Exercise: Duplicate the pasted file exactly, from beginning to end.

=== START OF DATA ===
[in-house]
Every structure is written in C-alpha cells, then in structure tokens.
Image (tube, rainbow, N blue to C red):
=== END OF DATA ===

[in-house]
Every structure is written in C-alpha cells, then in structure tokens.
Image (tube, rainbow, N blue to C red):